Cellphone ban raises questions about courtroom transparency
An Isabella County Trial court policy prohibiting cellphones, recording devices and cameras in the county courthouse has raised issues of First Amendment rights among community members.
Chief Judge Paul Chamberlain said the policy, adopted March 9, was created to maintain the security of the courthouse, preserve the integrity of the court record and the trial process and to ensure appropriate courtroom behavior.
“There was unanimous consensus from the court’s management council,” Chamberlain said. “Because of my philosophy, because of our philosophy, we do not believe it is in everyone’s best interest to allow phones into the court anymore.”
He told Central Michigan Life the policy was prompted by an incident of a reporter publishing pictures from court files as well as several recordings of courtroom actions being uploaded to YouTube by Isabella County resident Ted Visner, who has been outspoken against law enforcement and the court for going beyond the scope of their authority.
“Our courts are public. There are no laws barring us from recording our public servants,” Visner said. “What’s happening is these people are putting themselves above their role as a public servant. They consider themselves masters of the people and that’s opposite of what it is.”
Regional State Court Administrator and former Mount Pleasant Mayor J. Bruce Kilmer said chief judges can set policies on any kind of decorum in their court houses.
According to Michigan Court Rule 8.110, a chief judge may initiate policies concerning the court’s internal operations and its position on external matters affecting the court. MCR 8.112 states a trial court may adopt local court rules regulating practice in that court and communications devices are able to be banned under MCR 8.115.
Michigan Court Rules state that policy can be established regarding the use of portable electronic communications devices. The policy makes no mention of recording devices. Failure to comply with policy established by the chief judge may result in a fine, including confiscation of the device, incarceration or both for contempt of court.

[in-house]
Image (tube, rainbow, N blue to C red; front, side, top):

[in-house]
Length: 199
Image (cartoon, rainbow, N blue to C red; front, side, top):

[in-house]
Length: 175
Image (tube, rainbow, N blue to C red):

“It’s a policy they intend to enforce like law,” Visner said. “The enforcement part comes with a contempt of court charge, which is a crime. So Paul Chamberlain is legislating from the bench essentially.”
Visner argues citizens have the right to record courtroom proceedings and this policy infringes on these rights and inhibits transparency.
General Counsel for the Michigan Press Association Robin Herman said a court can prohibit a third party from discussing court proceedings, such as Visner’s YouTube commentary, by issuing a gag order, however this only occurs in rare circumstances with sensitive cases.
“I’m not sure how this causes a security concern, and I wouldn’t want to speculate on that,” Herman said. “While the judge was trying to deal with a particular problem, this seems to be an over broad attempt to address one particular problem.”
Herman said the public is free to take written notes and talk about the proceedings in any manner that they want. Visner argues modern recording devices are an extension of that right.
Kilmer said Michigan courts have begun establishing these policies because they have had problems with people posting pictures of witnesses and jurors online.
“I wouldn’t record anything that might be used adversely if there were jurors present or special witnesses, I respect their privacy,” Visner said. “I’m talking about the everyday proceedings.”
In a 1981 case, Chandler v. Florida, the U.S. Supreme Court held that the federal Constitution does not prohibit states from allowing cameras in the courtroom and states may adopt their own rules permitting recording equipment. Since this ruling, states have adopted varying rules on the topic.